Announcement

Collapse
No announcement yet.

How Big can I make my tiny house

Collapse
X
  • Filter
  • Time
  • Show
Clear All
new posts

  • How Big can I make my tiny house

    Anyone know the maximum size I can build a tiny house on wheels? How big a trailer can it be on and what kind of square footage would I get out of it? Thx.

  • #2
    There is one I saw recently on the larger end of THOWs called the Escape Homes Traveler XL, it is 30 ft long, 35 with the hitch. They list it at 344 sq ft including loft space. You are generally limited to about 8.5 ft exterior width I believe to avoid needing a permit to move it. You need to watch the 10,000 lb weight limit also if moving it easily is a concern, houses below this weight can be towed with a V-8 half-ton pickup and a regular driver's license. Over 10,000 lbs and you need a truck driving license and usually a larger vehicle to tow it. Once you get over 20 ft long, it may be difficult to keep under 10,000 lbs total weight. Good luck!

    Comment


    • #3
      Here’s a link to a AAA website on size and weight regulations regarding trailers: https://drivinglaws.aaa.com/tag/trailer-dimensions/ And, for example, here’s the pertinent information regarding the state of California. “Total length: 65 feet (up to 75 feet in certain circumstances); trailer length: 28 feet 6 inches; motor home length: 40 feet (38 feet for a single-axle fifth wheel travel trailer; 40 feet for 2- or more axle fifth wheel travel trailer); width: 102 inches (excluding safety equipment and RV appurtenances up to 6 inches); height: 13 feet 6 inches (14 feet on designated roads).” There's info for each state plus Canadian provinces.

      Comment


      • #4
        Originally posted by willpvelo View Post
        There is one I saw recently on the larger end of THOWs called the Escape Homes Traveler XL, it is 30 ft long, 35 with the hitch. They list it at 344 sq ft including loft space. You are generally limited to about 8.5 ft exterior width I believe to avoid needing a permit to move it. You need to watch the 10,000 lb weight limit also if moving it easily is a concern, houses below this weight can be towed with a V-8 half-ton pickup and a regular driver's license. Over 10,000 lbs and you need a truck driving license and usually a larger vehicle to tow it. Once you get over 20 ft long, it may be difficult to keep under 10,000 lbs total weight. Good luck!
        Thanks for the information Will! Wow, 344 square feet is huge when it comes to a "tiny" house but it would be great to have that kind of space. I wonder how much it would cost to have the tiny house transported if I didn't want to invest in a huge truck and also deal with permits/licenses/etc? I know that would depend on how far it would need to be hauled but if I wasn't moving it much I think it would be worth the once in a while fee.
        Again, I appreciate the info!

        Comment


        • #5
          Gary, I paid to have mine moved about a year and a half ago (within Canada) and the rate was $1 Canadian per kilometer (works out to around US $1.20 per mile). My house is 18 ft long, 140 sf with loft and around 6,500 lbs but I think the rate would likely be in that range for a larger home.

          Comment


          • #6
            Originally posted by djlinton View Post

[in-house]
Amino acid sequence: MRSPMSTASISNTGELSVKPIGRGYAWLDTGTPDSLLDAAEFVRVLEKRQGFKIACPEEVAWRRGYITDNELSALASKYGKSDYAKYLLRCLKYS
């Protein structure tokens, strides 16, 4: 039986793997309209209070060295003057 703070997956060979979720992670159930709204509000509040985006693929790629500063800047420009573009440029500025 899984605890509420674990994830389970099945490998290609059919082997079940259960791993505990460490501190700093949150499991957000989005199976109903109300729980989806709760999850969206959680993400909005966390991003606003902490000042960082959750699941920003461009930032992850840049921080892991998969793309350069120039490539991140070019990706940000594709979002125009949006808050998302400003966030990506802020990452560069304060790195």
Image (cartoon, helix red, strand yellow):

Here’s a link to a AAA website on size and weight regulations regarding trailers: https://drivinglaws.aaa.com/tag/trailer-dimensions/ And, for example, here’s the pertinent information regarding the state of California. “Total length: 65 feet (up to 75 feet in certain circumstances); trailer length: 28 feet 6 inches; motor home length: 40 feet (38 feet for a single-axle fifth wheel travel trailer; 40 feet for 2- or more axle fifth wheel travel trailer); width: 102 inches (excluding safety equipment and RV appurtenances up to 6 inches); height: 13 feet 6 inches (14 feet on designated roads).” There's info for each state plus Canadian provinces.
            Thanks for posting the link. There is so much info I need to research. ugh. It can get overwhelming at times.

            Comment


            • #7
              Originally posted by willpvelo View Post
              Gary, I paid to have mine moved about a year and a half ago (within Canada) and the rate was $1 Canadian per kilometer (works out to around US $1.20 per mile). My house is 18 ft long, 140 sf with loft and around 6,500 lbs but I think the rate would likely be in that range for a larger home.
              That's seems reasonable, especially if we're talking about a once every so many years fee or for me maybe it's just one time. I'm not sure at the moment. I'm only in the beginning stages of researching and planning out my tiny house. I really appreciate the help. It's nice to hear from someone that's actually experienced in the tiny house lifestyle. It's so helpful to know your info is legit and you're not just throwing out 2nd hand knowledge.

              I'll throw one last question out there since you are living in a tiny house. Do you think the size of your home meets all of your needs? I know everyone is different and their house could be for themself or an entire family. I've walked through tiny houses around 200 sq feet and they seemed perfect but I'm so used to the "American" lifestyle and living in bigger spaces (not huge but always over 1,000 square feet). Again, I appreciate your time!

              Comment


              • #8
                Everyone is different and needs change over time also. I built my tiny house ten years ago now (before they were cool ) and at the time was living on a cooperatively owned farm with large kitchen and storage spaces available (but not enough "legal" housing). But for the last 18 months it has been my only living space and it does meet my needs with some compromises. I guess it is still a work in progress in some ways, still figuring out how to make the best use of the space. To me it is a perfect one person house, would definitely want something bigger if I was living with someone or having more than one or two visitors at a time. I've traveled for long periods by bicycle living quite happily in a tent so the tiny house seems luxurious and spacious by comparison. By living this way, I've eliminated all stress about money, can work a $12 an hour job that I love and be able to pick up and move if I want to, this is the essence of freedom to me.

                Comment


                • #9
                  My husband and I also look forward to just doing the work we enjoy and not being part of the rat race to make money. I'm semi retired (going to return to school to get my Master's in counseling) and my husband will retire in about three years we hope.